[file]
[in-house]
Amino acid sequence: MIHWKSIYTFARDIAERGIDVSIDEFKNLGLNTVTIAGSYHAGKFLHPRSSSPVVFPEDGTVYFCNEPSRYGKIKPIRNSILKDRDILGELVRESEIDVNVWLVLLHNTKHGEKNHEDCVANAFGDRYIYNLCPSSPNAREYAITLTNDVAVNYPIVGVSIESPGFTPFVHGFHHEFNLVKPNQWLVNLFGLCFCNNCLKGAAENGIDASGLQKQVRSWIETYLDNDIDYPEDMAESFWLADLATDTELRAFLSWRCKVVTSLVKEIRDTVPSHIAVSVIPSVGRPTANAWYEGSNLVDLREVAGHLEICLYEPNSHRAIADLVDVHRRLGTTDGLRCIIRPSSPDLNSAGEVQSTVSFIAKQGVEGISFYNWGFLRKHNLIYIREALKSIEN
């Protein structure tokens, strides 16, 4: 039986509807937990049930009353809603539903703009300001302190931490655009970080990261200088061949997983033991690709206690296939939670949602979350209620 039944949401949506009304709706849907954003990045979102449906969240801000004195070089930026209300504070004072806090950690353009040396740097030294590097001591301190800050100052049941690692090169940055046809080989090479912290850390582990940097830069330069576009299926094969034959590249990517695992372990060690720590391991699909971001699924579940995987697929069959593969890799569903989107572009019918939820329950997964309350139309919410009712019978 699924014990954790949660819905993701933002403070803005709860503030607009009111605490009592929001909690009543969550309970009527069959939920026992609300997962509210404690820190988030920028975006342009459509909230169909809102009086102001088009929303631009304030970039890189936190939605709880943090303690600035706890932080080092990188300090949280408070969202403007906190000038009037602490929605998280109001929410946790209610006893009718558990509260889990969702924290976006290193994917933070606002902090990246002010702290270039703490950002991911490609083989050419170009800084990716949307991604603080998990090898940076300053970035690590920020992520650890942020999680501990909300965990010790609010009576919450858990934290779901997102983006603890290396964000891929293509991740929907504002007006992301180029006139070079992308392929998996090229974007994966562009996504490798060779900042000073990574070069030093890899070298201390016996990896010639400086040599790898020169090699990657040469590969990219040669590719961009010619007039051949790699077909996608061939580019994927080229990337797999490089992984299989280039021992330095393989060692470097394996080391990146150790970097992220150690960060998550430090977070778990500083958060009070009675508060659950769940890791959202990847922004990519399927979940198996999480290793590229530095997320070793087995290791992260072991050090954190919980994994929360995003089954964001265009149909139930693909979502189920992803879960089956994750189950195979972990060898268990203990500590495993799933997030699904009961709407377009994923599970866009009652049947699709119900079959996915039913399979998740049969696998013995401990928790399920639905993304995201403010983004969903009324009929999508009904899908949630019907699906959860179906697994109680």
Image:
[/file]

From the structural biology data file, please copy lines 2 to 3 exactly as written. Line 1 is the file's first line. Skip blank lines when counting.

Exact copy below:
Amino acid sequence: MIHWKSIYTFARDIAERGIDVSIDEFKNLGLNTVTIAGSYHAGKFLHPRSSSPVVFPEDGTVYFCNEPSRYGKIKPIRNSILKDRDILGELVRESEIDVNVWLVLLHNTKHGEKNHEDCVANAFGDRYIYNLCPSSPNAREYAITLTNDVAVNYPIVGVSIESPGFTPFVHGFHHEFNLVKPNQWLVNLFGLCFCNNCLKGAAENGIDASGLQKQVRSWIETYLDNDIDYPEDMAESFWLADLATDTELRAFLSWRCKVVTSLVKEIRDTVPSHIAVSVIPSVGRPTANAWYEGSNLVDLREVAGHLEICLYEPNSHRAIADLVDVHRRLGTTDGLRCIIRPSSPDLNSAGEVQSTVSFIAKQGVEGISFYNWGFLRKHNLIYIREALKSIEN
């Protein structure tokens, strides 16, 4: 039986509807937990049930009353809603539903703009300001302190931490655009970080990261200088061949997983033991690709206690296939939670949602979350209620 039944949401949506009304709706849907954003990045979102449906969240801000004195070089930026209300504070004072806090950690353009040396740097030294590097001591301190800050100052049941690692090169940055046809080989090479912290850390582990940097830069330069576009299926094969034959590249990517695992372990060690720590391991699909971001699924579940995987697929069959593969890799569903989107572009019918939820329950997964309350139309919410009712019978 699924014990954790949660819905993701933002403070803005709860503030607009009111605490009592929001909690009543969550309970009527069959939920026992609300997962509210404690820190988030920028975006342009459509909230169909809102009086102001088009929303631009304030970039890189936190939605709880943090303690600035706890932080080092990188300090949280408070969202403007906190000038009037602490929605998280109001929410946790209610006893009718558990509260889990969702924290976006290193994917933070606002902090990246002010702290270039703490950002991911490609083989050419170009800084990716949307991604603080998990090898940076300053970035690590920020992520650890942020999680501990909300965990010790609010009576919450858990934290779901997102983006603890290396964000891929293509991740929907504002007006992301180029006139070079992308392929998996090229974007994966562009996504490798060779900042000073990574070069030093890899070298201390016996990896010639400086040599790898020169090699990657040469590969990219040669590719961009010619007039051949790699077909996608061939580019994927080229990337797999490089992984299989280039021992330095393989060692470097394996080391990146150790970097992220150690960060998550430090977070778990500083958060009070009675508060659950769940890791959202990847922004990519399927979940198996999480290793590229530095997320070793087995290791992260072991050090954190919980994994929360995003089954964001265009149909139930693909979502189920992803879960089956994750189950195979972990060898268990203990500590495993799933997030699904009961709407377009994923599970866009009652049947699709119900079959996915039913399979998740049969696998013995401990928790399920639905993304995201403010983004969903009324009929999508009904899908949630019907699906959860179906697994109680």